10. "1) Print at 300 dpi by resizing the image appropriately in Photoshop." When you resize you image in Photoshop it will be in pixel per inch (PPI). When you set y our printer resolution setting it will be in dpi. So, size your image at 240ppi or more and print at the highest resolution (dpi) setting of your printer: 1440 or 2880.
     
  11. Use an even divisible of the output rez (then it's faster and there's no interpolation or scaling going ont). 180/240/360 etc. For most work, 240 is fine and dandy. I have seen with some images, with proper sharpening a slight advantage to 360ppi files but considering the larger file and speed in printing, you may or may not find it useful.
     
  12. There is a simple answer to this and other printing questions when resolution of the originating image is to be considered. It holds the same for newspapers, magazines and desktop printing. The print method doesn't matter if it is offset, web press, laser or ink jet... The key value to consider is the printer screen value. Epson, though the information is difficult to find it is available, has an inherent print screen of 150 LINES per inch (LPI). Image resolutions vs print screen for best repro results should be in the range of LPI x 1.5 to LPI x 2 >>> AND <<< this must be at the repro size... that is, if you intend to print a 4x6 inch final print the image should be pre-sized at 4x6inches @ 300PPI; for an 8x10 print then pre-size it to 8x10 @300PPI With this as the basis of the decision the best print you will get based on image resolution and pre-sizing (but not taking into account other controllable factors such as colour management and printer driver settings options) and the screen value itself you will get on the Epson is with the image at 300PPI. Anything more is interpolated and discarded by the printer driver; anything less, depending on the printer and driver, may be interpolated and added. If you change the print size between the file and the print itself, you alter the PPI value (resolution) that the printer "sees" and it will interpolate up or down as it sees fit. If you want to control the print process you need to be in control of the image file before printing it.
     
  13. jbq

    jbq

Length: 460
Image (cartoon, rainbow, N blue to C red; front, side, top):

1) JPEG files are traditionally expanded to 24bpp during decoding, but could actually be decoded into a great color depth for greater accuracy. Typically, since you lose a lot more accuracy when decimating during compression, this is fairy pointless (i.e. you'd better use PNG or TIFF in such a case). 3) The printer resolution is the size of grid on which the ink drops are laid out, i.e. the precision of the placement of any individual drop. It doesn't mean anything in terms of drop size or of number of drops that can be laid out (specifically, many printers can't actually put drops closer than 2 or 3 grid positions because of the time it takes to send a drop - that's one of the reasons why photo modes are slower). 2) you make the fundamental error of assuming that a printer driver works by expanding each source pixel over a number of grid positions then populates those grid positions according to the color of the source pixel. This is wrong for several reasons: -the grid positions can't be selected independently, i.e. there is some exchange of information between neighboring pixels. -this would cause some minor color accuracy issues when printing dithered images (as all source pixels wouldn't be given the same weight in the final image). -this would very fundamentally reduce the color range of very high-resolution pictures, except if you started to use random-threshold dithering (which can't be used in a printer because the grid positions can't be selected independently). A printer driver typically by scanning the picture as it prints, working on a sliding window the height of the print head. It increases the source resolution to the printer resolution in the source color space, taking into accounts a blend of requiremenent in terms of color accuracy and geometric accuracy (typically applying a scaling algorithm more complex than the simple ones available in image-editing applications). It then applies color conversion and dithering simultaneously, processing all channels at the same time. The dithering is fairly complex because it needs to take into account the way multiple inks are available for the same color (e.g. how a big drop of light cyan can replace a small drop of dark cyan if the dark cyan head has just fired, but the behavior of such a replacement depends on how close a magenta or yellow drop is fired on the paper, because the light and dark version of the same ink don't blend the same way), how the inks are organized in cartridges (try to even out usage of the inks that are in a same cartridge), how you can't put too much ink in any location (it smudges). The conversion is a tricky blend of lookup tables, optimization and feedback loops. And all of that depends on the paper that is used, of course. As for the assymetry, it's the size of the grid. It shows that the horizontal resolution is achieved through timing, and the vertical resolution through a stepper motor. Typically the density of ink that can be put on paper is the same horizontally and vertically.